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NATO's 15 Years in Kosovo. Part 1

4-07-2014, 12:33

Part 1

Part 2

Part 3

Part 4

NATO entered Kosovo 15 years ago, on June 12, 1999. At the time, the international contingent of the alliance numbering around 50,000 servicemen became known as KFOR (Kosovo Force). As of today, close to 5,000 NATO troops remain in Kosovo and Metohija. The Independent International Commission on Kosovo established on the initiative of Swedish premier Hans Göran Persson on August 6, 1999 concluded that, absent UN Security Council authorization, the NATO intervention in Yugoslavia had been illegal, but the verdict prompted no visible reaction in Brussels and Washington. Ignoring the UN Security Council and other international organizations is the hallmark of the policies pursued by the US and its partners whose thinly veiled permanent objective is to simply gain footholds in the right places at the right time. A circumstance that is largely overlooked in comments on Balkan affairs is that Kosovo is a region with considerable natural resources such as deposits of coal, copper, gold, silver, lead, and zinc. It should be taken into account as well that the assets sited in Kosovo include the TREPCA mining industrial complex and the Obilic power stations. Washington's usual approach is to find, with an eye to the future, those who are eager to promote US interests in resource-rich areas across the world.  The US advent to Kosovo was arranged  with the help of exactly this tactic.

The Old Guards

The key role in the implementation of the Trojan-style US plan for Kosovo was given to Ibrahim Rugova, a literature scholar, poet, and dissenter born in Istok on December, 1944.  Rugova graduated from the Department of Albanian Studies of the University of Pristina and taught Albanian at school. As a young man, he took a deep interest in philosophy and French literature. Rugova worked in the Institute for Albanian Studies in Pristina after being discharged from the army, and spent 1976-1977 at the École pratique des hautes études of the University of Paris. In 1984, Rugova earned a PhD degree with a thesis on the history of Albanian literary criticism. In the 1980ies,  Rugova made a name for himself as a writer and critic, presided over the editorial boards of the student newspaper Bota e Re ("New World") and the magazine Dituria ("Knowledge"), and, till 1989 chaired the Kosovo Writers' Union.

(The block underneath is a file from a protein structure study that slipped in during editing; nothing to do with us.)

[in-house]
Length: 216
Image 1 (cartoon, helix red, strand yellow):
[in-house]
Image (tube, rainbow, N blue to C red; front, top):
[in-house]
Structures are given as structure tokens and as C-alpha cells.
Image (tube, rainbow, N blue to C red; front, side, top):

Ultimately, Rugova was charged with the mission of leading the movement for the independence of Kosovo from Belgrade. Lauded as "Gandhi of the Balkans", he was elected president of Kosovo in 2002. Rugova died of lung cancer on January 21, 2006.

Besides, in the late 1980ies -  early 1990ies, the top-influential opponents of Belgrade in Kosovo were Adem Demaci who had spent 17 years in jail on charges of spying for Germany, former head of the Kosovo communist youth organization Azem Vlasi, and Kosovo parliament speaker in the epoch of Yugoslavia Iljaz Kurtes. Importantly, Kosovo is a region de facto run by family clans, with several clan leaders maintaining an iron grip on virtually all local affairs. The top-influential and richest clans in Kosovo are Krasnici, Demaci, Kelmendi. Involved in a network of business interactions with partners in Albania as well as in Europe, they  were able to provide generous funding to the Kosovo Liberation Army (KLA). The Krasnici and Demaci clans were responsible for the related illegal businesses, arms trade, the guerrilla organization, and ties with various criminal groups based in Albania and Europe. These “old guards”, backed by the CIA and Germany's BND, did whatever it took to whip up resistance to the Belgrade administration across Kosovo. Most of the “old guards” went out of the game as Kosovo fell under the NATO protectorate in June 1999, but even these days they retain a great deal of control over the situation in the province and over it authorities.

To be continued

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  • NATO's 15 Years in Kosovo. Part 4
  • NATO's 15 Years in Kosovo. Part 3
  • NATO's 15 Years in Kosovo. Part 2
  • No More International Law, the US Has Its Way
  • Kosovo’s masters of puppets